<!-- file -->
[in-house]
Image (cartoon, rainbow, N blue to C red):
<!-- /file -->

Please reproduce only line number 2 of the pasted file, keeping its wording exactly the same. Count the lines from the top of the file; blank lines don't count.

Image (cartoon, rainbow, N blue to C red):